Body Border 2: Fade In with Gradient

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Chris Coyier on (Updated on )

A while back I showed you how to create a Body Border with CSS. Basically, we used four fixed position DIV’s to ensure all edges of the screen got a border and that the border would sit on top of all other content.

Let’s take that same idea and expand on it.

  • Instead of a solid color, we’ll use an alpha-transparent black gradient.
  • Instead of it being always-on, we’ll have it fade in on a particular rollover.

View Demo Download Files


Step 1: Apply DIV’s to HTML

There are empty (and hence rather unsemantic) DIV’s. If you are comfortable with this effect ONLY working with JavaScript enabled, you should consider adding them to the page via a jQuery .append(); function to the body element. Otherwise, just add them at the end just below the closing body tag:

	<div class="edge" id="left"></div>
	<div class="edge" id="right"></div>
	<div class="edge" id="top"></div>
	<div class="edge" id="bottom"></div>

Note that each of them has a class name so that we can target them as a group, and each has a unique ID so that we can target them individually.

Step 2: Position and Style with CSS

By default, we’ll have ours “turned off” and only turn them on later via a rollover. So, we’ll have all of them set to display: none;, yet we will apply the background images and get them in the proper position.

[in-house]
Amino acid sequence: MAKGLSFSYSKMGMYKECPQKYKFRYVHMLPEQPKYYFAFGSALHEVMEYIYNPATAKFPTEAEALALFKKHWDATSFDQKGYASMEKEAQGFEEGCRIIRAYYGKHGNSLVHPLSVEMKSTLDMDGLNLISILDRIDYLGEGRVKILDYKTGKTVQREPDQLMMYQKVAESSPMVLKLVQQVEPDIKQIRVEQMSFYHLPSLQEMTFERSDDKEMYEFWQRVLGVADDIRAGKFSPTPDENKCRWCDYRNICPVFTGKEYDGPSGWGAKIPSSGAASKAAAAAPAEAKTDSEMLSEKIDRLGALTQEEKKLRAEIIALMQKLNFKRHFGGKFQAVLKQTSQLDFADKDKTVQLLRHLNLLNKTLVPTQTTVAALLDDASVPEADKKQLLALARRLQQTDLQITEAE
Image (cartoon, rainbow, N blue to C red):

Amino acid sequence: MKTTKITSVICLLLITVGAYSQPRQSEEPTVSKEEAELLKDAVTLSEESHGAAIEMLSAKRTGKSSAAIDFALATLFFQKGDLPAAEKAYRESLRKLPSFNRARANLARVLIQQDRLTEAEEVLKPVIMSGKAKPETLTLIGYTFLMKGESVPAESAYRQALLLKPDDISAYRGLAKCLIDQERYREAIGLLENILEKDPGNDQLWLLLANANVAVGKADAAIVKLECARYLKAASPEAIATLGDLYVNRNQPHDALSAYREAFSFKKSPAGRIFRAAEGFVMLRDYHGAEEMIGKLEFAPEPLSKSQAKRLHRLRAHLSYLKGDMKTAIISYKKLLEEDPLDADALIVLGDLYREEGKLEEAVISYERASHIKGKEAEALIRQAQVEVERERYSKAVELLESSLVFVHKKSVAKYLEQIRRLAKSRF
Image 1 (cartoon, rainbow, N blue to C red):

#top, #bottom, #left, #right {
	display: none;
	#left, #right {
		position: fixed;
		top: 0; bottom: 0;
		width: 88px;
		#left { left: 0;  background: url(images/left.png) left center repeat-y;}
		#right { right: 0; background: url(images/right.png) right center repeat-y;}
	#top, #bottom {
		position: fixed;
		left: 0; right: 0;
		height: 88px;
		#top { top: 0px; background: url(images/top.png) top center repeat-x; }
		#bottom { bottom: 0px; background: url(images/bottom.png) bottom center repeat-x; }

The images are just very simple alpha-transparent PNG’s saved out from Photoshop, and rotated to each direction.

Step 3: Build the Fade-In with jQuery

Simple stuff here. We have a button with a class of “home”. That element gets a hover event bound to it. When that is triggered, all the “edge” DIV’s stop their current animation and fade in. On the callback event (essentially a mouseOut), the “edge” DIV’s stop their current animation and fade out.

<script type="text/javascript" src="js/jquery-1.2.6.min.js"></script>
<script type="text/javascript">
		}, function() {


  • If you want this to work in IE 6, you are going to have to jump through a lot of hoops since IE 6 notoriously doesn’t like fixed positioning or alpha-transparent PNG’s. My advice? Use a conditional comment to only include your jQuery code for non-IE 6 browsers.
  • Even though you are able to see through the gradient, it is still “covering up” what is below it, so any links underneath will be effectively “dead”. Definitely do some testing and make sure you are causing any confusing usability problems covering up links. I added this effect (albeit in reverse) to my personal site so you can check it out on a real site there.